A Life of Hell

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Manal is a woman in her thirties with 5 daughters and a son. Her son, the youngest, came after years of pain and doors being closed in her face. All she felt she had left were her prayers.

Her husband did not care, he did not provide for his family as Allah had legislated in terms of alimony and raising the children. Manal was left to raise her six children alone.

Her husband’s main concern was to collect money for himself and relied on his brother to provide for Manal and her children. This forced Manal to abandon him because of his irresponsibility towards his family. She would have left him sooner to effectively provide for her family but she did not have a son yet. After 5 daughters she was blessed with a son, she decided to count on herself and work to provide for her family on her own. This way she was in control on their well-being and could protect them from becoming lost and homeless.

She started searching here and there for a decent job that would guarantee a good life for her children. She found work in retail, selling clothes for the women in the neighborhood and she became popular in town and well known as “the hardworking young entrepreneur.” Her situation improved and she became self-sufficient. She no longer needed help from her brother-in-law; who had been so drained providing for his brother’s family that he was unable to start a family of his own.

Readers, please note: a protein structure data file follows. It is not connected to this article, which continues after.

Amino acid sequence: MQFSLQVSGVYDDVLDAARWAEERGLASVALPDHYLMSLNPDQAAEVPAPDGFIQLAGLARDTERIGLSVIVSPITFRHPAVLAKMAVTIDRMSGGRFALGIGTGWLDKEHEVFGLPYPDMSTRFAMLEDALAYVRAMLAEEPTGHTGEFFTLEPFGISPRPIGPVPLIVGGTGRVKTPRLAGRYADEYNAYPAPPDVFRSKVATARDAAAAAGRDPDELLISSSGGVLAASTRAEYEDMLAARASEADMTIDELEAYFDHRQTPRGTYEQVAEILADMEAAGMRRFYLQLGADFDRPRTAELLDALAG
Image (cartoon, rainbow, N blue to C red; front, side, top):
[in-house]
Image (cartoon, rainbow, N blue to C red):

Following this and her success, her brother-in-law was also able to start a new life becoming successful in his own endeavors. Unfortunately, just as their situation was improving, a crisis started in their country. They decided to escape from the hell of war in their homeland to a place that could protect them. They fled to neighboring Jordan seeking protection in a refugee camp. However, to their dismay their forced exile was only the start of their suffering, a suffering that was worse than before.

Like most of the other Syrians who had fled, they had nothing. They left everything behind except for their children and the clothes on their back. They were struggling to figure out how to manage themselves with this new situation and the circumstances which prevent her from working inside the camp. She was puzzled and finally decided to leave the camp and rent a small house to shelter her and her family so that she would be able to work as she did back in her hometown.

However, things in exile were different, and again she was faced with the harsh reality of life as a refugee and the inability to work. She was again forced to become dependent on the charity of others. Manal, like many refugees look to God to find a solution.

Hanadi

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